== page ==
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    Optimism, Pessimism and Realism – And Why These Matter

    Published March 5, 2018

    How do you see the world? It’s a simple question with a complex answer. While some of us tend to look at things positively, others develop an obsession with pointing out the negative aspects of everything. Then there are those who are neither optimists nor pessimists – but they are realists. These people focus on living in the now with no fear of what the future holds for them or what went by in the past.

    Optimists and realists both work differently. Many researcher’s studies suggest that optimists not only outlive pessimists, they are generally satisfied with their lives. Optimists tend to make more money and have fulfilling relationships with their loved ones. But here’s the question: How do optimists, pessimists and realists fare in the workplace?

    Winston Churchill once said, “A pessimist sees the difficulty in every opportunity; an optimist sees the opportunity in every difficulty.” This rings especially true when studying how managers and entrepreneurs enter the fast-paced corporate world.

    Optimist, Pessimist or Realist – Who Makes a Better Leader?
    As a manager, you’re the leader of your team. You’re required to display a positive outlook to keep the employees engaged and satisfied with the company. A research study conducted at the University of Pennsylvania suggests that optimistic managers tend to help their employees reach their goals and be more productive. Also, optimistic managers are more approachable pleasant, and their enthusiasm can be contagious.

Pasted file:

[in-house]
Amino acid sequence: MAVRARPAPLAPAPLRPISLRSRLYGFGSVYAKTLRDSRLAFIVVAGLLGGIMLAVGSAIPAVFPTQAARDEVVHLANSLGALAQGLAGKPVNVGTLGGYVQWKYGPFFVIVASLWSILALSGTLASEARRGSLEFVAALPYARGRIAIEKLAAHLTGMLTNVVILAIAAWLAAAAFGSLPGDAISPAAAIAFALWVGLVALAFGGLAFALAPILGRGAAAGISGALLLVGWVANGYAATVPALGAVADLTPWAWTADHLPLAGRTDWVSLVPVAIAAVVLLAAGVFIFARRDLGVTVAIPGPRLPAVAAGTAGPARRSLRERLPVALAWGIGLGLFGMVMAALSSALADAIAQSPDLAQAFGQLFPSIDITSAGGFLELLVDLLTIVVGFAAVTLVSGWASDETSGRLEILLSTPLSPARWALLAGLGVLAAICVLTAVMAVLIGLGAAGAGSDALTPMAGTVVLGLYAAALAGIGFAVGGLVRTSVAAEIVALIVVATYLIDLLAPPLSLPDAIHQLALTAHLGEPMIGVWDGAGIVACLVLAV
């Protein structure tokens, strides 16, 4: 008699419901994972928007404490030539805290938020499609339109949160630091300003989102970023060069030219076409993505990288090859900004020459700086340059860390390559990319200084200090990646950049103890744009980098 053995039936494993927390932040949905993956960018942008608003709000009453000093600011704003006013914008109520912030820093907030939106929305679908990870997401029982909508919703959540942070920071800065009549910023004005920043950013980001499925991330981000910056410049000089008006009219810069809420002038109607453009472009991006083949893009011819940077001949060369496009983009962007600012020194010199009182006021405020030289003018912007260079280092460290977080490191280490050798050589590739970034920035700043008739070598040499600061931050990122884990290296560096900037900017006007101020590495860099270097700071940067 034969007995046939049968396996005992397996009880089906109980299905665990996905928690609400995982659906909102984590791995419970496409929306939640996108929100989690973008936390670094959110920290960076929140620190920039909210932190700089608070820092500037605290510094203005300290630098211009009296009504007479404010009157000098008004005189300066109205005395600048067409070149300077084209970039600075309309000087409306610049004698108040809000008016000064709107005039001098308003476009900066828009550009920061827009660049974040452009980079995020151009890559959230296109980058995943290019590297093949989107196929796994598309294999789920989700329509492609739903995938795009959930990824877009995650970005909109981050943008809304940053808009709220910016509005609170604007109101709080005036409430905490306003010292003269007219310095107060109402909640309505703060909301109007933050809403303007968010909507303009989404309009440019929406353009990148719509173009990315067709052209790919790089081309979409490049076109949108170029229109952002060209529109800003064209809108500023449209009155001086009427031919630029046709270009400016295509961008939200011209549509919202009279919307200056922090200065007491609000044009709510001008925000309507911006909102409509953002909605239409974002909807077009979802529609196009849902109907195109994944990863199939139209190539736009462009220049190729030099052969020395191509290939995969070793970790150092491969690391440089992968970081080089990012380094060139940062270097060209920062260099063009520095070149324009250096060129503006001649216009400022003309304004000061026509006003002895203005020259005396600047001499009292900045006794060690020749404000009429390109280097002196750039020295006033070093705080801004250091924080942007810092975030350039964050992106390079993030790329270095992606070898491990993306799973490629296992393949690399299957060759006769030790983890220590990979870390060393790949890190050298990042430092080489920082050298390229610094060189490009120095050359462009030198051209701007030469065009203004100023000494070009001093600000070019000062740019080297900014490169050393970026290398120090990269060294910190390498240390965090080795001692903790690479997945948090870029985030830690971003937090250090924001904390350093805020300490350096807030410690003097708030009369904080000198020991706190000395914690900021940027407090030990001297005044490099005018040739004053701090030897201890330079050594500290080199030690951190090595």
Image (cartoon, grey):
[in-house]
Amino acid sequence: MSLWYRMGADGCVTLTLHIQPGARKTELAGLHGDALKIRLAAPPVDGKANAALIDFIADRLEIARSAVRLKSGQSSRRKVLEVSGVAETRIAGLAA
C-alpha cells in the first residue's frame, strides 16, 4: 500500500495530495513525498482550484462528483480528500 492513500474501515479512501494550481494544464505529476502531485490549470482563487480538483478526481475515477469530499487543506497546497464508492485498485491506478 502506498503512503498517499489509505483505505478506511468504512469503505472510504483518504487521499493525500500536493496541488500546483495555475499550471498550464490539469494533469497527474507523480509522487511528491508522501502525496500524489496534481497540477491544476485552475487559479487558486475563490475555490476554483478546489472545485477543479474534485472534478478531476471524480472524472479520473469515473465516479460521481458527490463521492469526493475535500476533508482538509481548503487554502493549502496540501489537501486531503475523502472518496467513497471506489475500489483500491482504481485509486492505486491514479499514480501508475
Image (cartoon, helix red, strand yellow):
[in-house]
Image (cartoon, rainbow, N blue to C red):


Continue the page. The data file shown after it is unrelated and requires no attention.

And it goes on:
Another cross-sectional study at an IT company involving 86 employees and 17 managers concluded the positive leadership had a strong correlation with employee engagement, optimism, and work performance.

    However, sometimes optimism may do more harm than good if you never take off your rose-colored glasses. It can easily lead to unrealistic expectations from employees, overestimation and wrong judgment calls based on assumptions.

    Realists, on the other hand, are best suited for managerial roles because they have a balanced view on things. They don’t give up hope easily, but at the same time, they know how to make calculated decisions after thoroughly reviewing the situations’ facts and figures.

    Here are some tips you can follow to become a realistic manager.

    – When finding a solution to any problem, seek feedback from all the parties involved and affected.

    – When deciding the best course of action, always think of how your decision will affect the people around you. Sometimes you may find that your decision may have a higher cost than the impact it will have on your people.

    – It is important to reflect on your failures and successes from time to time. Learn from the mistakes in the past and use this knowledge to realistically guide the future.

    – Acknowledge that having absolute control over all the factors in your environment is almost always impossible. There will always be knowns and unknowns that bring about a rapid change in the environment. You cannot always stay one step ahead, sometimes you just must play catch-up.

    I hope you find this blog useful in understanding how optimism, pessimism and realism affect you in the workplace.

    Want to know more on how to improve your Optimism, Pessimism and Realism in the workplace? We would be excited to give you our best ideas. Please Click here to connect with one of Magna Leadership’s advisors.

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